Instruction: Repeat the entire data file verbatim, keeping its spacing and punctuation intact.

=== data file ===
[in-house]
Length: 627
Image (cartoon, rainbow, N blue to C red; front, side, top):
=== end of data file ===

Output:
[in-house]
Length: 627
Image (cartoon, rainbow, N blue to C red; front, side, top):